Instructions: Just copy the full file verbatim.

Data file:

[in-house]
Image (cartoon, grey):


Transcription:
[in-house]
Image (cartoon, grey):